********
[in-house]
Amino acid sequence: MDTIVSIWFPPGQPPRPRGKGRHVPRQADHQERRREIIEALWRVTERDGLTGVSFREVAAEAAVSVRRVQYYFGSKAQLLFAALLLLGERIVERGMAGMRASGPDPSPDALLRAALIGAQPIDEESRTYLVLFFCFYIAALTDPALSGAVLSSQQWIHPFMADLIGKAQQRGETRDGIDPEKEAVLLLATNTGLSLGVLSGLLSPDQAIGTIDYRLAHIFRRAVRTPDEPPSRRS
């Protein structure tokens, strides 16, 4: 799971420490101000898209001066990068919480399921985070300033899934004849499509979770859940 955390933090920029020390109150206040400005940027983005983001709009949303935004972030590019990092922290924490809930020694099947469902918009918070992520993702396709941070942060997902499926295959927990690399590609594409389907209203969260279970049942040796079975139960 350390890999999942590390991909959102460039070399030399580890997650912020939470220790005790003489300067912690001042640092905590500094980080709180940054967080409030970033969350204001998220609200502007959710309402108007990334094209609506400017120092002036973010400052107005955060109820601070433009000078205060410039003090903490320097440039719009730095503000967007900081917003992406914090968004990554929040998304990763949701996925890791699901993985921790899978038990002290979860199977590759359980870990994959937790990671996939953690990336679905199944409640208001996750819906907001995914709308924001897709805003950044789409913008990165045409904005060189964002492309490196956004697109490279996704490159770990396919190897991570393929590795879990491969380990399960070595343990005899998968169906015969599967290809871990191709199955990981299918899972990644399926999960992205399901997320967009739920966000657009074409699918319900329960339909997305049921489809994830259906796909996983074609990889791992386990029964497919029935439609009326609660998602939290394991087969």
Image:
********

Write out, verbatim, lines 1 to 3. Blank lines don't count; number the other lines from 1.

[in-house]
Amino acid sequence: MDTIVSIWFPPGQPPRPRGKGRHVPRQADHQERRREIIEALWRVTERDGLTGVSFREVAAEAAVSVRRVQYYFGSKAQLLFAALLLLGERIVERGMAGMRASGPDPSPDALLRAALIGAQPIDEESRTYLVLFFCFYIAALTDPALSGAVLSSQQWIHPFMADLIGKAQQRGETRDGIDPEKEAVLLLATNTGLSLGVLSGLLSPDQAIGTIDYRLAHIFRRAVRTPDEPPSRRS
């Protein structure tokens, strides 16, 4: 799971420490101000898209001066990068919480399921985070300033899934004849499509979770859940 955390933090920029020390109150206040400005940027983005983001709009949303935004972030590019990092922290924490809930020694099947469902918009918070992520993702396709941070942060997902499926295959927990690399590609594409389907209203969260279970049942040796079975139960 350390890999999942590390991909959102460039070399030399580890997650912020939470220790005790003489300067912690001042640092905590500094980080709180940054967080409030970033969350204001998220609200502007959710309402108007990334094209609506400017120092002036973010400052107005955060109820601070433009000078205060410039003090903490320097440039719009730095503000967007900081917003992406914090968004990554929040998304990763949701996925890791699901993985921790899978038990002290979860199977590759359980870990994959937790990671996939953690990336679905199944409640208001996750819906907001995914709308924001897709805003950044789409913008990165045409904005060189964002492309490196956004697109490279996704490159770990396919190897991570393929590795879990491969380990399960070595343990005899998968169906015969599967290809871990191709199955990981299918899972990644399926999960992205399901997320967009739920966000657009074409699918319900329960339909997305049921489809994830259906796909996983074609990889791992386990029964497919029935439609009326609660998602939290394991087969």